Microcontrollers

Microcontrollers – whether 8, 16 or 32bit – are all around us: at home, at work, in our cars and in industrial systems. Reflecting this abundance, the market for microcontrollers is worth more than $16billion a year and growing strongly.

The market was once dominated by 8bit parts, but the price performance advantage of ARM based 32bit devices, along with the need to accommodate more complex software, is starting a move from 8bit to 32bit mcus. And this is accompanied by the appearance of multicore devices.

In this section, New Electronics brings you the latest on the microcontroller market.

Snapdragon processors for embedded systems

Since its establishment in 1985, Qualcomm has been involved in the mobile communications market, although its Qualcomm Technologies arm has made forays into other areas, such as MEMs based displays and wireless vehicle charging.

Pocket sized avionics computer meets industry’s SWaP needs

The aerospace sector is driven by a four letter acronym – SWaP; written in long hand, it translates to size, weight and power. That’s no real surprise; if you can make aircraft that are lighter, they will be – at least, in theory – more fuel efficient. And if you can make the electronics content smaller and less power hungry, that will also contribute to the overall savings.

The surprising differences between ARM MCU cores that appear to be identical

There are many reasons why the ARM Cortex-M series of processor cores has come to dominate the market for 32bit microcontrollers. Across the many varieties of Cortex-M cores, design engineers can choose from an array of performance, power consumption and communications capabilities, allowing them to find an ARM based MCU which will be suitable for almost any application. And, by standardising on the Cortex-M family, OEMs not only benefit from a common instruction set, but also from an ecosystem of libraries, tools and firmware with which thousands of embedded engineers are already familiar.

Do engineers know what they like and like what they know?

Engineers can select from a range of technologies which might be appropriate for their next design. Options include ASICs, FPGAs and embedded CPUs. But there is a suspicion that, rather than selecting the platform which will be best for the job, engineers fall back on something with which they’re familiar.

ARM-processor toolchains accelerate safety-critical compliance

With designers increasingly turning to ARM processors for safety-related applications spanning medical, transportation, avionics and industrial segments, the software that runs upon these processors has come under ever-tighter scrutiny as even the slightest error can have disastrous consequences.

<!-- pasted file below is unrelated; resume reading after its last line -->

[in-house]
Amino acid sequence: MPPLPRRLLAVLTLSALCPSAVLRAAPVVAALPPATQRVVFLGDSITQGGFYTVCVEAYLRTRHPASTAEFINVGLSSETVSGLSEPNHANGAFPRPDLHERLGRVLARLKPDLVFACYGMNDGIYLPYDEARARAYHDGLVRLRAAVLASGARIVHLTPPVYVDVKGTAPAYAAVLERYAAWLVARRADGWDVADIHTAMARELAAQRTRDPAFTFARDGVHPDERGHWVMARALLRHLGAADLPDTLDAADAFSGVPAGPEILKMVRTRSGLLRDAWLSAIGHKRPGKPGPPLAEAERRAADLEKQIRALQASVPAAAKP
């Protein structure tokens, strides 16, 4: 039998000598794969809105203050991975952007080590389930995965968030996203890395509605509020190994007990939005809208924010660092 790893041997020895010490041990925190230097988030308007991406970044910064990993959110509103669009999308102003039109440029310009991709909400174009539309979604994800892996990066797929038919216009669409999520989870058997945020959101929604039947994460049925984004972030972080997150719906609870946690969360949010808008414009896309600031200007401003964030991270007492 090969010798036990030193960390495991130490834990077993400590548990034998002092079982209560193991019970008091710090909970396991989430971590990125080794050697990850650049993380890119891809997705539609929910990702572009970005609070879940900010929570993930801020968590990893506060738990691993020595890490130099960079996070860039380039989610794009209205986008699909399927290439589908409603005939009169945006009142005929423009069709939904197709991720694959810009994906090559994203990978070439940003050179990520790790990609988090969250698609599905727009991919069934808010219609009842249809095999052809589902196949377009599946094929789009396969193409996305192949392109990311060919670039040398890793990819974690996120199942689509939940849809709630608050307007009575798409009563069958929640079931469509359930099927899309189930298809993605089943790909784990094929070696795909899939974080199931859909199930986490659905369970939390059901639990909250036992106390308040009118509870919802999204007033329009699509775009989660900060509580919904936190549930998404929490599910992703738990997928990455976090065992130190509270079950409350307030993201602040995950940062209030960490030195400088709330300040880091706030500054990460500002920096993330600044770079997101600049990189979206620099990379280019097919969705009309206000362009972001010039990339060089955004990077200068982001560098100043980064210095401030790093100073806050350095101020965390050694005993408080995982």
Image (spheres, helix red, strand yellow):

European researchers are working on a host of energy efficient microservers

European research organisations and companies are busy targeting microservers as a potential very large revenue stream for the medium term. At least four groups, funded to a large extent by the EU's 7th Framework Programme, are looking at a variety of often overlapping processor, system and software architecture projects, all scheduled to finish in September 2016.

How a motor controller based on a 32bit processor could drive the transition to a new generation of electric motors

We are entering a new era of motor technology, with many of the 10billion electric motors sold each year in line for an upgrade. Innovation in motor control algorithms and the lowering cost of embedded microcontrollers are prompting a new generation of brushless DC (BLDM) and permanent magnet synchronous (PMSM) motors. At the heart of these new motors is an integrated motor controller integrated circuit, containing a 32bit processor core, as well as revamped configurable analogue and power management circuitry. Sophisticated motor control algorithms – such as field oriented control (FOC) – running on the processor core remove the need for external sensors, thereby reducing overall system component count.

Sharing basic algorithms will save innovators from 'reinventing the wheel'

It's been a busy few months for Steve Whalley. Having retired from Intel after 28 years, where his last post was director of sensing, Whalley is now chief strategy officer for the MEMS Industry Group (MIG), where he is leading efforts to prepare the MEMS and sensors ecosystem for what is anticipated to be a decade of explosive growth.

Subscribe to our Newsletter

Editor's Choice

Powering the VPX sector

FPGA technology has seen a significant change in the last two decades. From ...

Rebuilding reps' reputation

If you thought distribution was all about keeping stock, you’re wrong, according to ...

Examining exosomes

In 2006, IBM unveiled an initiative which it called 5 in 5. This saw the company ...